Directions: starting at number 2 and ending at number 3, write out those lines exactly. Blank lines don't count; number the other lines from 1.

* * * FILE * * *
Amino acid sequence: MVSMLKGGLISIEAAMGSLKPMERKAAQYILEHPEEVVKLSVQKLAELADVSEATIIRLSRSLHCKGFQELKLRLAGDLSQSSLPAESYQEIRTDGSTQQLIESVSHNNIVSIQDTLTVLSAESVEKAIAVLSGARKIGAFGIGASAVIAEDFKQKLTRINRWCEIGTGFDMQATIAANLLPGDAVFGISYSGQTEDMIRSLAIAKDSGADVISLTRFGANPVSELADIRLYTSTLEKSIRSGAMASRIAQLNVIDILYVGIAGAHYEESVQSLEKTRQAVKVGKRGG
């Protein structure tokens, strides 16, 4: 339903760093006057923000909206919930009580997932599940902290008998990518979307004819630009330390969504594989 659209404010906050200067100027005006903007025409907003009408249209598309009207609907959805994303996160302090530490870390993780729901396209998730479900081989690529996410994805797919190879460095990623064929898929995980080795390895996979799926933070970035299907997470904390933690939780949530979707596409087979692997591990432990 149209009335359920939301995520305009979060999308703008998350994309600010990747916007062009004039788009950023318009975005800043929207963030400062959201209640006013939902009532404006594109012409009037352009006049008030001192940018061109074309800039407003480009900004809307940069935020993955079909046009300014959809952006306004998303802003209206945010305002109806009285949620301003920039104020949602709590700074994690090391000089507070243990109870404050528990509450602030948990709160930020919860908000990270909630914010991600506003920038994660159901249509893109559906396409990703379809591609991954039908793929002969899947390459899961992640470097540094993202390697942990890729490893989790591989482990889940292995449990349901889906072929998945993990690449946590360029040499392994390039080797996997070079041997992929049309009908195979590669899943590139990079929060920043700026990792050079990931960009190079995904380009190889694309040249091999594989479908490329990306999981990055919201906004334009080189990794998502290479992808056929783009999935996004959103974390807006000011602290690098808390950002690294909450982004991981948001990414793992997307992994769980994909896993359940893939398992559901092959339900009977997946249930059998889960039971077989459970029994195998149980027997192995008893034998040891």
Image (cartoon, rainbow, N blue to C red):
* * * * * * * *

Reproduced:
């Protein structure tokens, strides 16, 4: 339903760093006057923000909206919930009580997932599940902290008998990518979307004819630009330390969504594989 659209404010906050200067100027005006903007025409907003009408249209598309009207609907959805994303996160302090530490870390993780729901396209998730479900081989690529996410994805797919190879460095990623064929898929995980080795390895996979799926933070970035299907997470904390933690939780949530979707596409087979692997591990432990 149209009335359920939301995520305009979060999308703008998350994309600010990747916007062009004039788009950023318009975005800043929207963030400062959201209640006013939902009532404006594109012409009037352009006049008030001192940018061109074309800039407003480009900004809307940069935020993955079909046009300014959809952006306004998303802003209206945010305002109806009285949620301003920039104020949602709590700074994690090391000089507070243990109870404050528990509450602030948990709160930020919860908000990270909630914010991600506003920038994660159901249509893109559906396409990703379809591609991954039908793929002969899947390459899961992640470097540094993202390697942990890729490893989790591989482990889940292995449990349901889906072929998945993990690449946590360029040499392994390039080797996997070079041997992929049309009908195979590669899943590139990079929060920043700026990792050079990931960009190079995904380009190889694309040249091999594989479908490329990306999981990055919201906004334009080189990794998502290479992808056929783009999935996004959103974390807006000011602290690098808390950002690294909450982004991981948001990414793992997307992994769980994909896993359940893939398992559901092959339900009977997946249930059998889960039971077989459970029994195998149980027997192995008893034998040891």
Image (cartoon, rainbow, N blue to C red):